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grave of Rabbi Shimon bar Yochai, praying as he had learned from the teachings of Rebbe Nachman. Now he had become very ill, but felt that he couldn't leave his holy place of prayer even for the sake of his health. So he kept putting off leaving, even temporarily, to come to Tiberias and soak in the healing hot springs. He had resisted and resisted for weeks until his condition was so precarious that he was forced to come down from the mountain. He was the answer to Yisrael's prayers. Not only did he print the books of Rebbe Nachman, but his life and practice also had been deeply influenced by him. The two of them spent a great deal of time together, and Yisrael learned everything he could from him about the secrets of prayer and about the teachings of Rebbe Nachman. Years later, in a moment of feeling far from God, Yisrael Odesser did not fast on an important fast day. After that he felt so bad about it that he didn't know what to do. He fasted and prayed, asking for help and guidance. Something told him to open one of his books and look for an answer in it. He pulled out a book by Rebbe Nachman and opened it randomly. He read what was written, but couldn't see that it answered his questions. But there was a piece of folded paper in the book. Yisrael moved it out of the way, and read what was written on the facing page. Again, he found no answer. He read it a few more times. Nothing. Finally, he picked up the paper and looked at it. It was a letter in Rebbe Nachman's handwriting-a message from beyond time and space. Mentioning
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that he hadn't fasted on that particular day, Rebbe Nachman was telling him not to give up. It was signed in a way that no one had ever seen before: Na Nach Nachma Nachman M' (from) Uman. This revelation for Reb Yisrael became the foundation of the rest of his life and of his teachings. Today, a whole movement within Breslov Hasidism is based on this. For them, "Na Nach Nachma Nachman M'Uman" is a powerful mantra. When Reb Yisrael finished telling this story to me, he began telling stories of Rebbe Nachman. Now, I had heard these stories from Reb Shlomo and Reb Zalman and Reb Gedaliah. They are powerful, and I learned tremendously from them. But no one told them like Reb Yisrael. It was as if he were telling it for the first time, blowing his mind on every word, on every image. He was also blowing my mind with every word and every image. For instance, when telling part of Rebbe Nachman's story of the Seven Beggars, where one beggar was telling of his ability to heal the princess who had been shot with arrows, Reb Yisrael said, "The beggar said, 'And I could heal the princess.' And when Rebbe Nachman said that, he pointed to himself, and he said, 'And I could heal the princess."' And while Reb Yisrael spoke, I could feel the healing coming through. Why did he pick that one short part of Rebbe Nachman's longest story? Did he know that my wife Ety had cancer and was struggling to be healed? As he told story after story, or just certain parts of the stories that he knew needed to be told, I lost all sense of time.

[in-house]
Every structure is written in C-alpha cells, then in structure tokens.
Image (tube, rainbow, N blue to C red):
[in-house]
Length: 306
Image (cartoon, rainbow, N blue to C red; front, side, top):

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I met with him a number of times after that, but that first meeting was the most powerful. He had an energy, a love, a joy that was totally beyond his old and frail physical body. Na Nach Nachma Nachman M'Uman. Na Nach Nachma Nachman M'Uman!